The worst bit about organising a crawl around every brewpub in London is ending up with Warren Zevon's "Werewolves of London" stuck in one's head, except with the word "brewpubs" instead of "werewolves". I think I've just about exorcised it now though. Anyway, you can read the full article on how I got on over at IrishCraftBrewer.com; I'm only here for the beer.
I started at The Cock & Hen and moved on to The Florence, both of which brew two beers. In the former I had a pint of Bonobo, a warm copper-coloured ale with the classic light foam of hand-pumped ale. Like many of the best English bitters, it's complex yet quite light and easy-drinking. Rather than a sharp bitterness, it has a long sour finish and just a touch of a metallic tang at the end. Quality stuff, and I criticise it only for being too much like the better known quality cask bitters. I'm not sure I'd be able to pick this one out in a line-up. I'd give it a go though...
No such criticism for Weasel, the other beer from this stable. It's a dark golden and faintly carbonated ale, but all parallels with the normal summer ales end there. This gives off a heady hops aroma and follows up with zesty citrus hops on the palate. It's a beer that really keeps your attention.
One thing that really surprised me about the London's brewpubs was how similar they are to normal pubs. Just about all of them have a raft of normal beers on tap and only the brewing equipment, where visible, indicates that anything else is going on. Zero Degrees is the only exception I found, with a full set of taps of house beer only. The industrial décor and hipster soundtrack meant it's not the cosiest pub I've ever been in, but I do have a lot of time for this sort of establishment. The seasonal was a pomegranate wheat beer, which was sweet and wheaty but lacked any real fruit power. Much better was the Black Lager: a super-dark, super-thick treacly number, loaded with molasses and burnt caramel. I took my time over it.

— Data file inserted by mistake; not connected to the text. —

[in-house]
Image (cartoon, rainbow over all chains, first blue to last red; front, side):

Find of the day was another amazing summer ale, this time at Brew Wharf in Borough Market. Orange-hued Wharf Trader is a mere 3.9% ABV but absolutely packed with explosive hops flavours. Almost painfully sharp and quite quite delicious. I also had a brief taste of their Wharf Best, a citric and appley bitter, quite light and pleasant but nowhere near as much fun as its brother.
A quick thanks to Alex and Iain, the brewmeisters of Brew Wharf for taking the time to show me around and chat. Like all the best brewers, these guys love what they do.
I had about three quarters of an hour fantasising about living in Hampstead and having The Horseshoe as my local, while enjoying Hampstead Summer, made by the McLaughlin brewery based in the pub. It's a refreshing golden ale, not totally off the wall, but with definitely more character than any of the bigger brewers' summer ales.
Mash, reputedly a monstrous den of Nathan Barley types in the West End, was intended to be my last stop of the evening, but when I got there the brewpub was bare. And the doors were locked. So my last drinks were earlier in Bünker in Covent Garden, the only one of the lot I'd been to before. It was packed and loud and pretty horrible, but I was quite impressed by the beer. I had a Soho Red, which was rich malty and full-bodied, as well as a taste of the seasonal called Coppa (I think: submit a comment if you know better), a light and fruity ale, passable but a little bland.
An enjoyable, if somewhat exhausting, day out. Most of these establishments are newcomers to the London pub scene, so here's hoping we'll be seeing more on-site brewing in the near future.
But London: where have all the beer mats gone? Are sticky tables some sort of fashion statement? Next time I'm bringing my own.
Porterhouse Celebration Stout - *Origin: Ireland | Date: 2006 | ABV: 10% | On The Beer Nut: October 2006* This is the oldest beer in the stash, by a good couple of years I'd say. It was r...
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